The fun thing is that you can try as many clubs as you want in Freshers’ Week (first week before start of lectures in September) and even if it turns out you’re not a total sports enthusiast, most clubs include a lot of social events and nights out.

Finally, there are many events organized for international students, especially by the International Society (surprisingly) (also see http://www.strathstudents.com/international). They run trips to other places in Scotland, movie nights, pub crawls, etc. One weekly highlight is the international pub night where tens to hundreds (depending on the season) of international students meet at a different pub every week. The pubs are chosen by the organisers and usually include pretty nice places in the city centre, so there’s a good chance you’re going to find your new favourite pub on one of these nights. But, of course, it’s also a great opportunity to get to know new people and a few of my “non-international” friends liked it so much, they also started going there regularly.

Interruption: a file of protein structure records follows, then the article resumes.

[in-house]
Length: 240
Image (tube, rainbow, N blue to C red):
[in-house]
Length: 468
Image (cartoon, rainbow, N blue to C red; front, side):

Another great place to meet international students is the international café organised by the Christian Union (CU) which is actually where I met many friends from my first year.  Every Thursday evening you can get a warm meal for £2 at the chaplaincy centre (on campus) together with other internationals and members of the CU. As the name suggests, it is mainly an event for international students and everybody is welcome to join, no matter which religious views you might or might not have.

Finally, the chaplaincy centre itself, together with an organisation called Glasgow Internationals (https://www.facebook.com/pages/Glasgow-Internationals/55844921694), is quite active as well when it comes to events for international students. In my first two years here, I participated in several of their hiking daytrips and Scottish cooking lessons.

While all of these international events are great to get to know people at the beginning of the year as well as to get opportunities for travelling around in Scotland, unfortunately, most “non-international” students (those considered as home students by the university, e.g. Scottish, English, Northern Irish) don’t know about them and so you’ll really just meet other foreign students there.